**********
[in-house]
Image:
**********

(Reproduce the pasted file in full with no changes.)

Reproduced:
[in-house]
Image: